Macedonian filmmaker Teona Strugar Mitevska follows her previous film, When The Day Had No Name, with this awkwardly titled but fantastic feminist satire. God Exists, Her Name Is Petrunya follows a religious tradition “gone wrong” when the men of a small town in conservative Macedonia direct their anger at a woman who dares to challenge the patriarchy. Petrunya beats the men in recovering a crucifix that a priest throws into a river during the Epiphany procession; the holy artifact supposedly brings a whole year of good fortune to whoever retrieves it.
Similar to When The Day Had No Name, Mitevska continues to explore the theme of macho culture in her homeland. This is an equally bold – if less dark – dissection of pernicious misogyny. It addresses the influence the church continues to have on the state, and how it blindly condones of archaic patriarchal values.
Zorica Nusheva, who plays the titular protagonist, is something of a revelation here: Petrunya is an irate, unemployed 32-year-old who gradually realises the impact of her actions and how she can become a force for change. Her naturalistic turn convincingly conveys her transformation and nascent determination; she keeps you invested in her character’s plight even when some less subtle aspects of the film begin to emerge in the second half. Indeed, the drama surprisingly becomes a huis-clos, as Petrunya is taken to the police station; the location shift is used to introduce a critique of the media, who opportunistically leech onto her story. This act feels less inspired and it’s a shame that it rushes ending, thereby undercutting some of the impassioned and shrewdly executed dramatic beats that preceded it. That being said, these elements didn’t stop God Exists, Her Name Is Petrunya from being one of the most memorable entries in this year’s Berlinale competition strand, a film that remains a beautifully shot, heartfelt, and superbly caustic satire that is well worth your time.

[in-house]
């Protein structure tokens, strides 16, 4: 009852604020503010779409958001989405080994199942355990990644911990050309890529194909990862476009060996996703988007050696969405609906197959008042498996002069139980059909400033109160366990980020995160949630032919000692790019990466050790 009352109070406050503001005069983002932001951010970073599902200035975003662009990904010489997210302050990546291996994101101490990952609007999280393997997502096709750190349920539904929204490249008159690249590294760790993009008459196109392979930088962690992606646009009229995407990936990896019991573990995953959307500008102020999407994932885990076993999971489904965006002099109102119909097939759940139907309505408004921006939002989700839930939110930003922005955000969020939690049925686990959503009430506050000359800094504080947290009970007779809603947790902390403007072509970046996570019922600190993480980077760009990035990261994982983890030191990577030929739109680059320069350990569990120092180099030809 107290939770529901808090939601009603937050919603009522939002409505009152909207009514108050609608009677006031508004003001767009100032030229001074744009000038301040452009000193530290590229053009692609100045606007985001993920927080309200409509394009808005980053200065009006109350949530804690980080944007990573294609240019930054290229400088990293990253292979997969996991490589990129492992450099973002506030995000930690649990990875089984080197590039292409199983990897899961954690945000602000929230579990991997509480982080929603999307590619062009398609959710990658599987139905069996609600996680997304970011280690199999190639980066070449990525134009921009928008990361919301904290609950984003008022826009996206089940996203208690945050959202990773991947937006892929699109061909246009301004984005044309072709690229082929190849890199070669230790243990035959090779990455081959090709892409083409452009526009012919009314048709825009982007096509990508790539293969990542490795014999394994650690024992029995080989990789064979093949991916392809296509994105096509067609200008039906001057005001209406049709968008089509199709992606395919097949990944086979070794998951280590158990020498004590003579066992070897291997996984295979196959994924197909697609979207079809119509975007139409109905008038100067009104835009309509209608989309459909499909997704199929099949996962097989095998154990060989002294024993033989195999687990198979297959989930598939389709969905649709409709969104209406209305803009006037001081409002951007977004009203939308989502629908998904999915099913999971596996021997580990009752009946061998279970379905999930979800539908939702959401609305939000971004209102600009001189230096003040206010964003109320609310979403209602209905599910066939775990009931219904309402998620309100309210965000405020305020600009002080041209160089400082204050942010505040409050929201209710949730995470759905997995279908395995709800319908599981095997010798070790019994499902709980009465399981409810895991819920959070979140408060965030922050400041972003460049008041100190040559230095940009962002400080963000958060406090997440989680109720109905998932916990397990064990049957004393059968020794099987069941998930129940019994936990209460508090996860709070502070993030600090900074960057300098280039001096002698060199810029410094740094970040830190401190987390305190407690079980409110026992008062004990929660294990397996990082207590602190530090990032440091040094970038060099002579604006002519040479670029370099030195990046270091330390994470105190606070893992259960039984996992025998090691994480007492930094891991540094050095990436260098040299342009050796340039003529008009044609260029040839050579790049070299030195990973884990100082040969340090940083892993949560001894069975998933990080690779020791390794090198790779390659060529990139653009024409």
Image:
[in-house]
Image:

God Exists, Her Name Is Petrunya | Directed by Teona Strugar Mitevska (Republic of Macedonia / Belgium / France, 2019), with Zorica Nusheva, Stefan Vujisic, Violeta Shapkovska, Petar Mircevski. Starts Nov 14.
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